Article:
Mounce sounded firmly optimistic in the area’s tourism outlook, especially with several new restaurants, including Texas Roadhouse and Steak n’ Shake, moving into the area.
In a related discussion, the county reached out and helped one local club fund an upcoming quail hunt catered specifically to a group of soldiers through a Ft. Knox-based program that helps returning military personnel transition back into civilian life.
Jimmy Fischer, member of the Fishing Creek Bird Dog Club, is spearheading a campaign to bring members of the Soldier Adaptive Reconditioning Program (SARP) to Pulaski County for a quail hunt at Mike Branscum’s farm.
Fischer said they came up with the idea while quail hunting themselves, and decided to reach out to the Ft. Knox program, which helps wounded and disabled soldiers transition back to life at home through a number of activities including cycling, aquatic basketball, wheelchair basketball, sit volleyball, spinning, yoga, pilates, and more.
Fischer said they’re planning on bringing 10 SARP members on the hunt, but he said there are around 40 more waiting in the wings. Fischer said each hunt costs around $2,000 and asked that the court help fund a future hunt, as the first has already been funded and is set for Nov. 1.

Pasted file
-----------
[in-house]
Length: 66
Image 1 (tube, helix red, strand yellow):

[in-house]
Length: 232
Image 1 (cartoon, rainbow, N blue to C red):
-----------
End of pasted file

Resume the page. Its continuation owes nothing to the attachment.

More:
“Anything fiscal court can do to help us out we would greatly appreciate it,” Fischer said.
The court unanimously voted to fund another hunt and offered Fischer $2,000.
“I think it’s a great service you’re doing,” said Pulaski County Judge-executive Barty Bullock.
The magistrates agr-eed.
“I’m all about doing anything for the veterans as long as it benefits the county,” said 4th District Magistrate Glenn Max-ey.
In other news from Tuesday’s fiscal court meeting:
• Mounce asked that the court approve an ordinance that will help the convention and visitors bureau realign itself back with Kentucky state statutes that have been changed and modified over the past several years. The court approved the request.